Why improper terminology hurts communication about health plans

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January 8, 2015 by Tony Novak

The precise use of language is one of the key distinctions between professionals and non-professionals in any field. The health insurance and employee benefit industry generally do a good job of upholding professional standards in this regard. Yet it seems that leniency in some types of terminology is contributing to a lack of understanding of today’s health plans. This is illustrated in a recent discussion of a very basic point employee health plans.

One insurance producer wrote to me: “Self-funded/self-insured means the business funds their insurance claims, but usually only to a certain extent. They use a re-insurer to underwrite, say, over $10,000 in claims for each insured and sometimes use a 3rd party administrator handle the claims and paperwork. It is health insurance.” He also wrote “Now, under ACA, if an individual/family has a $6,000/12,000 deductible it could be said that they have a partially self funded plan” and “‘self-funded’ is still insurance”.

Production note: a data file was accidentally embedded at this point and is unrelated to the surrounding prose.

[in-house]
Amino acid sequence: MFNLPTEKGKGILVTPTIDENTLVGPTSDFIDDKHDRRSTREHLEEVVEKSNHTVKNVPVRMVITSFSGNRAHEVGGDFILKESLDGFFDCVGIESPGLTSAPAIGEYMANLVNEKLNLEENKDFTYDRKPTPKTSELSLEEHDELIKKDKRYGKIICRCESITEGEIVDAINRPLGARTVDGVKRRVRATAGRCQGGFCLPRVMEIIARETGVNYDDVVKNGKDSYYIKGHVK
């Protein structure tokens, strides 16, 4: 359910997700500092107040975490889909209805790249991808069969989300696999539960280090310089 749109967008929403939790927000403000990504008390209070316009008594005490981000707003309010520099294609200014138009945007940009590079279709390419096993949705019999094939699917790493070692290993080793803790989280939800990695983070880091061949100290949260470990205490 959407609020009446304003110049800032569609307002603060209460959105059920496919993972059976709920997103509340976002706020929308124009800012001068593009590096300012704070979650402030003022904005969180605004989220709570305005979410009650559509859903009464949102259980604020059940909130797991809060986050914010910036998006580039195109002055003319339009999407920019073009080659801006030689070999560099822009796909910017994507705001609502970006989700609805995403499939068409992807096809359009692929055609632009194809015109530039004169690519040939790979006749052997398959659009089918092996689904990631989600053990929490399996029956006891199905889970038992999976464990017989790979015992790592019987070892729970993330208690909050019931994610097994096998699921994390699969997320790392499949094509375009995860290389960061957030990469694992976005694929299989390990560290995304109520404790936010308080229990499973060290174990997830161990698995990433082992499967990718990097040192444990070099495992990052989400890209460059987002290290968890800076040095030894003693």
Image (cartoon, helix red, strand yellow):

Actually, “self-funded” is not insurance and ACA insurance is not “partially self-funded”. The producer just plainly misstated the basic facts here. These terms have specific meanings and should not be confused. There are potentially serious consequences of misrepresenting one type of health plan as another. Financial protection, governing law, tax treatment and the administrative regulations of the health plan depend on the type of plan. Virtually every state has market conduct rules that restrain insurance producers from using misleading or inaccurate terminology. Yet it seems clear from this bit of communication that some producers may not understand the distinction or why it is important to use the precise proper terminology when talking about these health plans.

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